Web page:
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NJ’s Top Education Official Reads The Little Engine That Could Classic To Preschoolers, Stresses Importance of Adults Reading to Young Children


August 24, 2006

New Brunswick, NJ — New Jersey's top education official brought The Little Engine That Could to life for some 30 New Brunswick preschoolers when she read the classic tale as part of a national campaign stressing the importance of reading to young children.

New Jersey's Commissioner of Education and early literacy advocate Lucille E. Davy read the story with its powerful "I think I can" message to the 4-year-olds at an event sponsored by the National Institute for Early Education Research (NIEER) and Starbucks in partnership with Jumpstart's Read for the Record national campaign. The national campaign's goal is to set the world record for the number of children reading the same book in a single day with an adult.

"We know that a successful education begins with a strong preschool education and lots of exposure to books," said Commissioner Davy. "That's why we continue to stress the importance of early literacy. We believe that all of our children can be successful when they are given the opportunity to learn and enjoy reading."

The 4-year-old children walked three blocks to the reading from the Middlesex Regional Educational Services Commission (MRESC) Early Childhood Center in downtown New Brunswick — and then walked back clutching their very own copies of the book. MRESC is an Abbott District preschool. New Jersey ranks as one of the top states in the nation for access and quality, based on NIEER's annual ranking of state preschool programs.

"Research overwhelmingly shows us the importance of quality early learning experiences in preparing children to succeed in school," said Steve Barnett, NIEER's director. "In fact, early literacy learning experiences lay the foundation for later academic achievement – achievement that in turn translates into reduced grade retention, higher graduation rates and increased earnings."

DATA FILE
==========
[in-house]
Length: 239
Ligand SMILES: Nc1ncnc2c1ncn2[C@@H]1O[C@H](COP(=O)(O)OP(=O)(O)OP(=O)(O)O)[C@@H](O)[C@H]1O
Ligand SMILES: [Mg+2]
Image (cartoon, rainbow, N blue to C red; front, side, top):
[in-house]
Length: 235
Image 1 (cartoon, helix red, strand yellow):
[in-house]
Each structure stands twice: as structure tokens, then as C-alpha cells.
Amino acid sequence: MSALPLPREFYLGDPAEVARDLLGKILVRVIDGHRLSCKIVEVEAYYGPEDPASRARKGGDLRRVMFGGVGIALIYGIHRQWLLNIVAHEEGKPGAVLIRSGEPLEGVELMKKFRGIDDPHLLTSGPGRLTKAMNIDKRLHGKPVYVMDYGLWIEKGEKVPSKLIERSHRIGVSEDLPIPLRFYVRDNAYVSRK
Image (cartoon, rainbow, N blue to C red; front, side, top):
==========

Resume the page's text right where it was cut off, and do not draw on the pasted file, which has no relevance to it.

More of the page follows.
NIEER plans to put its research into action when it builds a national model preschool in New Brunswick on the grounds of Rutgers University. The state of the art preschool will serve as home for a model prekindergarten program that will provide a high-quality preschool education for 90 New Brunswick children at the corner of College Avenue and Huntington Street. Architectural drawings are underway.

"Any high-quality program will integrate strong literacy components into a curriculum focusing on developmentally appropriate social, emotional and cognitive learning experiences," said Barnett. "NIEER is pleased to partner with Jumpstart and Starbucks as a way of focusing attention on the benefits of adults reading to children."

The Read for the Record national campaign was created by Jumpstart and corporate sponsors Starbucks, Pearson, Penguin (USA), American Eagle Outfitters and the Corporation for National and Community Service. The national effort invited adults across America to read with young children through the creation of nationwide events on August 24.

More about Read for the Record can be found at www.readfortherecord.com.

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The National Institute for Early Education Research (www.nieer.org), a unit of the Graduate School of Education, Rutgers University, New Brunswick, New Jersey, supports early childhood education policy by providing objective, nonpartisan information based on research. NIEER is supported through grants from The Pew Charitable Trusts and others.